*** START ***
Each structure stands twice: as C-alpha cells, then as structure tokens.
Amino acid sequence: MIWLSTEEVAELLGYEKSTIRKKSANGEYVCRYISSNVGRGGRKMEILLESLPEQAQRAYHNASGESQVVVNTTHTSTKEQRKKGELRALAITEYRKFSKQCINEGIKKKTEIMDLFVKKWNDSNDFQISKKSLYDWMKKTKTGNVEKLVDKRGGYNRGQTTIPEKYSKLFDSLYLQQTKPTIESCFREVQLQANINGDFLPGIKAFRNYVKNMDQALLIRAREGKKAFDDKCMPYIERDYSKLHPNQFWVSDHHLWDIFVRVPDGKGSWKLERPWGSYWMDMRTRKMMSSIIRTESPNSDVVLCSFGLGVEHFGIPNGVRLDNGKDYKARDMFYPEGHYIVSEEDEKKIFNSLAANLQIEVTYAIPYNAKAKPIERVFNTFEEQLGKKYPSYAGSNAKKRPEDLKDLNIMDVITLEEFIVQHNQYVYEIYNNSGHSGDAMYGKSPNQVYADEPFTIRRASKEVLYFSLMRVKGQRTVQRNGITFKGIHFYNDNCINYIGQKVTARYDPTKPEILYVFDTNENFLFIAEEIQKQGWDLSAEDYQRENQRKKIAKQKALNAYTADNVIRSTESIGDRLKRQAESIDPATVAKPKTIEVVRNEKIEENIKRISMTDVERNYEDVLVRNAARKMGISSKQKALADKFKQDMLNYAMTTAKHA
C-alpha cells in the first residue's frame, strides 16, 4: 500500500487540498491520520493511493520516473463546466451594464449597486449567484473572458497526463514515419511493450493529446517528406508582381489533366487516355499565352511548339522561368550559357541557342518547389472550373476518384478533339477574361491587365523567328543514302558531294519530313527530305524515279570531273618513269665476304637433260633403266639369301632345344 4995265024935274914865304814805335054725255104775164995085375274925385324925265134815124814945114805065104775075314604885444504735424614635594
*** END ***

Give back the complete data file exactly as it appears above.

Each structure stands twice: as C-alpha cells, then as structure tokens.
Amino acid sequence: MIWLSTEEVAELLGYEKSTIRKKSANGEYVCRYISSNVGRGGRKMEILLESLPEQAQRAYHNASGESQVVVNTTHTSTKEQRKKGELRALAITEYRKFSKQCINEGIKKKTEIMDLFVKKWNDSNDFQISKKSLYDWMKKTKTGNVEKLVDKRGGYNRGQTTIPEKYSKLFDSLYLQQTKPTIESCFREVQLQANINGDFLPGIKAFRNYVKNMDQALLIRAREGKKAFDDKCMPYIERDYSKLHPNQFWVSDHHLWDIFVRVPDGKGSWKLERPWGSYWMDMRTRKMMSSIIRTESPNSDVVLCSFGLGVEHFGIPNGVRLDNGKDYKARDMFYPEGHYIVSEEDEKKIFNSLAANLQIEVTYAIPYNAKAKPIERVFNTFEEQLGKKYPSYAGSNAKKRPEDLKDLNIMDVITLEEFIVQHNQYVYEIYNNSGHSGDAMYGKSPNQVYADEPFTIRRASKEVLYFSLMRVKGQRTVQRNGITFKGIHFYNDNCINYIGQKVTARYDPTKPEILYVFDTNENFLFIAEEIQKQGWDLSAEDYQRENQRKKIAKQKALNAYTADNVIRSTESIGDRLKRQAESIDPATVAKPKTIEVVRNEKIEENIKRISMTDVERNYEDVLVRNAARKMGISSKQKALADKFKQDMLNYAMTTAKHA
C-alpha cells in the first residue's frame, strides 16, 4: 500500500487540498491520520493511493520516473463546466451594464449597486449567484473572458497526463514515419511493450493529446517528406508582381489533366487516355499565352511548339522561368550559357541557342518547389472550373476518384478533339477574361491587365523567328543514302558531294519530313527530305524515279570531273618513269665476304637433260633403266639369301632345344 4995265024935274914865304814805335054725255104775164995085375274925385324925265134815124814945114805065104775075314604885444504735424614635594